The acclaimed Australian film is an ode to growing up queer in the suburbs of the ’90s
“As much as I feel like it’s a universal love story, it’s about how the queer experience shapes you. [especially] before technology made it a lot easier to find people like you,” says Stolevski.
“As a queer kid, there was a special kind of isolation… But [that] Loneliness inevitably shapes you, whether you want to admit it or not – and it took me many years to be able to do that. The downside is [that] When you find someone queer—even outside of a romantic context—they understand you in a deep and specific way.”
of an age takes time to build that connection. Kol prepares for a dance finale when his competition partner Ebony (newcomer and comedic gold Hattie Hook) calls frantically from a payphone after waking up from a long night at an unfamiliar beach. He jumps into her older brother Adam’s (Thom Green of dance academy) Car – during the long drive, Kol is awakened to a world of possibilities. Not just sex chemistry, but a different way of life.
“Adam helps shape Kol’s future,” says Green. “Not 100 percent, but he’s the defining influence.”
Adam is unlike anyone else in Kol’s life, a sophisticated 25-year-old graduate student who has a passion for music and film – inspired by it, he’s even on the verge of moving to Buenos Aires Happy togetherWong Kar-wai’s yearning 1997 queer romance. Green says he initially struggled with Adam’s slightly overbearing side, where he banged on her Happy together tape in the car and decorates his bedroom with an Almodovar poster.
“Goran and I came to a compromise,” says Green, “that was less about arrogance than Adam saw himself in Kol. In some places the nurturing came through, and in some places the attraction came through.”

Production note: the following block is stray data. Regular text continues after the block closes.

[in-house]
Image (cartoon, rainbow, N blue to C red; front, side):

“With all those references to that time and place, I think it’s also armor you make yourself,” adds Stolevski, who was himself renting Bergman films from Video Ezy Thomastown when he was 14. “It’s about ‘I know my way around the big world, so I don’t have to define myself by what’s here.’ Partially it is a connection point [Adam’s] tries to do, but also partially, he is [saying] ‘There’s more out there for me’.”
While we might laugh when we see Adam listening intently to Tori Amos, to Kol this handsome man is confident, electrifying and quite possibly one of the first openly gay men he has ever met. Adam is a lifeline that Kol didn’t realize he needed, but it’s not one-sided: Adam is equally fascinated by Kol, who is caught between an impulse to fit in and a desire for more.
Kol flirts with no guidelines on how to do it, teetering on the brink of excitement and fear: Anton conveys that uncontrollable onslaught of emotion so well, while cinematographer Matthew Cheung stays close via a square ratio and mostly shoots in the car, really inviting us to her private oasis.
It’s impossible not to get carried away. But 1999 is only part of the film: inspired by Richard Linklaters Before trilogy and Francois Truffaut’s Antoine Doinel films, of an ageIts final 25 minutes are set in 2010 when Kol and Adam get back together at Ebony’s wedding.
“When we talked about the role,” says Stolevski, “[Anton] was like, ‘Oh, it’s like Kol is this boy who never did drugs and the first hit is straight heroin’. He’s never had love or romance, then he has it in his super intense way.”
“And he’s always chasing the dragon,” adds Anton.
As they orbit each other, they face an oppressive decade of “what ifs” – a romantic ideal that may be too cinematic to turn their backs on. Their shared past becomes a valuable reference point – a piece of armor that arguably limits Kol more than it protects.
While some may see this as tragic, Stolevski has a more romantic view. “There’s a question in the film, ‘Was it worth holding on to for ten years?’ For me it is absolutely worth it.”
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https://www.smh.com.au/culture/movies/why-this-aussie-film-about-90s-suburbia-has-audiences-raving-20230316-p5csn6.html?ref=rss&utm_medium=rss&utm_source=rss_culture The acclaimed Australian film is an ode to growing up queer in the suburbs of the ’90s